‘Economic zones to create 240,000 jobs’


President Lazarus Chakwera has said the government intends to create 240,000 jobs through the Special Economic Zones initiative.

Chakwera said this in Parliament Tuesday when he responded to a question from Blantyre City Centre lawmaker Chipiliro Mpinganjira on the Tonse administration’s plans for Malawi’s cities regarding setting up of industries, for jobs and export of Malawian manufactured goods, expansion of cities and making available land for houses to reduce slums and for businesses in view of the Malawi 2063’s industrialisation agenda.

Chakwera said government has been quick to lay the foundation and kick-start the industrialisation process.


He said Capital Hill has already earmarked 624 hectares across three regions to develop special economic zones which will transform cities and provide jobs through value- addition of export oriented products and other products that can compete favourably with imports.

The Malawi leader said, in the Southern Region, government has the 22.7 hectares Chigumula Industrial Site that would host agro-processing and light manufacturing enterprises including small and medium size firms owned by Malawians.

He added that there is another site located at Matindi with 128 hectares earmarked for manufacturing, agro-processing, chemical and pharmaceuticals, light engineering, mineral processing and construction material production.


“In the Central Region, my government has identified Area 55 in Lilongwe where 420 hectares have been identified for a special economic zone that will, among other activities, focus on agro and food processing, production of electrical equipment, manufacture of chemical and plastics, general and light engineering, electronics manufacturing, ICT and logistics centre.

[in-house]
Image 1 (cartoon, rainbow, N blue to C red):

“In the Northern Region, government has identified 53 hectares at Dunduzu within Mzuzu City to establish an industrial park that will provide an opportunity for food and agro-processing, light manufacturing, timber industries and pharmaceuticals, among others,” Chakwera said.

He observed that, in the Eastern region, government has already embarked on plans to develop the Nankumba Peninsula in conjunction with the private sector in an area spanning over 1,000 hectares.

According to Chakwera, government is working to boost eco-tourism in the Cape Maclear area.

He observed that Malawi had a vibrant manufacturing sector in the 1990s, whose contribution to gross domestic product (GDP) was around 19 percent, but that this has been deteriorating to the current 11 percent.

“Among the major contributors to this deterioration include lack of ready-made factory shells for industrial development, appropriate infrastructure for industries including water and electricity; and special incentives designed to attract both domestic and foreign investments. Special economic zones are therefore designed to provide these industrial development shortfalls.

“The special economic zones and industrial park programme is, therefore, the main vehicle for accelerating the achievement of the national industrialisation agenda while the regional focus will support the growth of the regional hubs of Blantyre, Lilongwe, Mzuzu and Mangochi,” Chakwera said.

But Leader of Opposition in Parliament Kondwani Nankhumwa said the Tonse administration has been singing the special economic zones song for the past two years with little to no action on the ground.

According to Nankhumwa, what Malawians desperately need at the moment is action and not empty promises.

“President Chakwera has been saying the same thing about special economic zones. The former Finance minister Felix Mlusu also spoke about the same issue.

“I can even assure you that the new Finance Minister will also speak about the same thing when he presents the national budget on Friday. But what is on the ground? Nothing,” Nankhumwa said.

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